IHC A-Line 1930-1935 | Octane Press

IHC A-Line 1930-1935

The Lost Chapter Part 4: International Harvester's Alphabet Soup Era

This material was discovered during the research for the International Scout Encyclopedia by Jim Allen and John Glancy. For this series Author and historian Jim Allen is sharing extra material that didn’t make the book, along with photographs from John Glancy’s extensive collection.

In 1930 new lines of trucks appeared and the International Harvester Company upped the industry ante with more modern designs and technology. The medium duty A-4, A-5, and A6 (again, the number indicated the load capacity group in thousands of pounds) came first. Later in 1930, the lighter-duty A-1, A-2, and A-3 models appeared. By 1932, the heavy-duty A-7 and A-8 models appeared. The two lightest trucks continued with the Waukesha XA four but the A-3 used the Lycoming six. B-Series, D-Series, M-Series and W-Series trucks were introduced in this time, most being in the medium-duty classes and higher. The important things to come from this era were the first International Harvester Company (IHC) half-ton conventional truck, the D-1, and the introduction of the IHC overhead valve, wet sleeve, 207 ci and 223 ci Sixes, even though they didn’t appear in the light-duty line.


The D-1 was a badge-engineered Willys-Overland C-113 truck, the 113 indicating its wheelbase length. IHC negotiated for this truck while Willys-Overland was one step short of receivership in the early 1930s. The 213 ci Willys flathead six that powered it would end up as a permanent part of the IHC stable and continue in IHC livery until after WWII. The D-1 would continue into 1934 and be briefly concurrent with IHC’s own C-1 half-ton that debuted that year. The D-1 was popular, with nearly 16,000 units sold. Sales of this truck would carry IHC over a big sales slump. It also helped carry Willys-Overland through a very bad patch: isn’t that ironic? The legendary Willys Jeep may never have appeared but for the W-O and IHC deal.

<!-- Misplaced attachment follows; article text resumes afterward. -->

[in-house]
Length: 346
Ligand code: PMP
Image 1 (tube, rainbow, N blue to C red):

The popular Six-Speed Special lived on in the alphabet soup era as the 1931-34 Model B-2, after a brief stint in 1930 as the AW-2. The AW-2 was the old Six-Speed truck with the new A-Series body. It was re-rated for a higher one-and-a-half tons and the B-2 model had a bigger and more powerful version of the Waukesha XA, the 186 ci, 41.5 hp, 125 lb-ft. XAH. The B-2 was built through 1933 to the tune of about 3,660 units.

The Lost Chapter series is from Jim Allen and John Glancy's upcoming book, one so thorough it couldn't all fit into the final cut, so if you enjoyed this post check out the International Scout Encyclopedia for the full story.  

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